Blockages

Blocked drains can cause flooding and damage to your home. Spot the signs and find out if you have an internal or external issue.

Follow the tips below to identify which drains are blocked, and who is responsible for clearing them.

Signs of a blocked drain

Your toilet is overflowing, difficult to flush or the water bubbles when you run the tap

Sinks or baths are overflowing, flooding or empty very slowly

There are gurgling sounds when you drain water

There is a smell around your sinks, shower, bathtub, or toilet

Clearing blockages

Responsibility for clearing a blockage depends on its location and whether you are connected to the public wastewater system. Irish Water is not responsible for septic tank blockages. If you know the location of a blockage you can use our pipe maintenance responsibility guide to help see who is responsible for clearing it.

Not sure? Seek professional help from a drain cleaning company. Contact Irish Water if a blockage still persists after investigation of the private drains. This is because the blockage may be in the public sewer, giving rise to back up in the private drains.

If the blockage is in your internal plumbing or inside private property boundaries then it is your responsibility. There are a number of things you can do to try and remove the blockage.

Sink blockages

Try using a drain snake to push, break up, or remove the blockage.

Straight pipe sections

Try using drain rods to remove the blockage. Although this will depend on the nature and location – if it is on public or private land. Drain rods can be bought or hired or provided as a service by a drain cleaning company.

Blockages downstream of the property

Then all properties contributing to the flow are responsible for the blockage. In this instance, any neighbours should be contacted to determine the location of the blockage by lifting any access chambers or manholes on the drain. Then rodding of the drain may release the blockage.

How to prevent blocked pipes & drains | Irish Water

Responsibility for wastewater issues

  • Irish Water has sole responsibility for the cleaning and maintenance of the public sewer network.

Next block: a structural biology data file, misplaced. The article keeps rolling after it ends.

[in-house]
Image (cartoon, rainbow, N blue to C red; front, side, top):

• Householders / property owners are responsible for their internal plumbing and the private side pipework leading up to the sewer mains. If you are connected to a septic tank or a private waste water system we cannot assist you.

When to contact Irish Water

If you suspect the blockage is on the public wastewater side and you are not connected to a septic tank then please contact Irish Water. If the blockage is on the public side we will have it cleared as a matter of urgency. This is generally within 24 hours.

Customers are responsible for the clearing of any blockages of the wastewater Service Connections up to the Irish Water sewer, as explained in the Irish Water pipe maintenance responsibility guide. Should a Customer (or a Customer’s drain-clearing contractor) be unable to clear a blockage and suspects that there may be a structural failure on the connection pipework located in a public area that is resulting in the pipe flow being restricted to such an extent that flow is backing up/flooding, the Customer should then contact Irish Water to discuss.

Irish Water may request that the Customer obtains a CCTV survey in order to assess the condition of the pipe and to provide evidence of the structural failure. Customers need to ensure they follow the Irish Water Guidance Document: Requirements for Customer Wastewater Service Connection CCTV Surveys.

A competent CCTV Contractor will be familiar with the work described in this Guidance Document and will advise the Customer accordingly. Customers need ot be aware that the cost associated with such a CCTV survey is at the Customer’s expense. The resulting CCTV Report should then be submitted to Irish Water for consideration. Irish Water may undertake the necessary structural repair, subject to funding availability.

What to do when your neighbours won't share the cost

A property owner can bring another to court under Water Services legislation, if the private drain can be shown to be a communal one, and the drain causing a nuisance cannot be addressed without access to the drain on the others property, which is being denied, or there is a failure to undertake necessary works to abate the nuisance.